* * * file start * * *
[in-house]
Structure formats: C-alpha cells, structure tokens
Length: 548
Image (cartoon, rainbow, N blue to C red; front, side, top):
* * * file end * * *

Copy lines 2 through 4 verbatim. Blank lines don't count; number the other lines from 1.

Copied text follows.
Structure formats: C-alpha cells, structure tokens
Length: 548
Image (cartoon, rainbow, N blue to C red; front, side, top):